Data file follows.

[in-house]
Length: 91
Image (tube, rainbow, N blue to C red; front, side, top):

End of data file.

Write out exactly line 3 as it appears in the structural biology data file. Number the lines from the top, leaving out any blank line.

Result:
Image (tube, rainbow, N blue to C red; front, side, top):